Track four of Taylor Swift's new album Lover is "The Man," a catchy feminist-ish bop that, respectfully, treads what's well-worn pop girl ground at this point. If Swift were male, her lyrics suggest, "I would be complex, I would be cool… If I was a man, I'd be the man." As a woman artist she's instead dismissed and gossiped about, the implication goes.
It's true to life. Swift has faced an uphill battle to gain recognition in her industry — look no further than Pitchfork declining to review five of her albums until this week. Ryan Adams, what's good? None of that old news is of particular interest, though. The best thing about "The Man" is when Swift drives her point home by use of a bizarre but apt example: notorious playboy Leonardo DiCaprio.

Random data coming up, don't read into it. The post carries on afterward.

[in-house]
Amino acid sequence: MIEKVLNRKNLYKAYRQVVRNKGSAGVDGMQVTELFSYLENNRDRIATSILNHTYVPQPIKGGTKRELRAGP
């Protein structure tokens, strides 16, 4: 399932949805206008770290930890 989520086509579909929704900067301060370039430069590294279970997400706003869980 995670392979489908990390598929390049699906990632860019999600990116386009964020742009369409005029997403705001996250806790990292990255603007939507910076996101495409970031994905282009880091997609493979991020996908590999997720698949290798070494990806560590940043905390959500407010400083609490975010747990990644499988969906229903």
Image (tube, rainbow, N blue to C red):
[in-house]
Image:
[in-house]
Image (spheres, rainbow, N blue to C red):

Swift drops the Leo line in a pre-chorus, sticking to the same "If I were a boy" conceit: "They would toast to me, oh, let the players play/I'd be just like Leo in Saint-Tropez." Not exactly ambiguous — there's only one Leo who counts, and everyone knows DiCaprio loves to hang out, swathed in supermodels, on the French Riviera. (He hosted his annual earth-saving Leonardo DiCaprio Foundation gala there in 2017.)
It's an odd diss, but not an unfair one. A walking double standard, DiCaprio is generally acknowledged as one of the best actors of his generation, Don's Plumnotwithstanding. He's also a tabloid mess who has never settled down with a long-term partner. If Leo were a woman, he'd be a tragic figure. As a man, Taylor points out, he's toast of the town. Patriarchy!
Random as it might be, Tay's Leo shade blends into the rest of Lover, which is probably the most pop culture-heavy of her works. Other celebrity mentions include Drake, on the opening track "I Forgot That You Existed," and the singer's Cats co-star Idris Elba, whose voice is sampled on "London Boy." Stella McCartney and Bruce Springsteen are also referenced.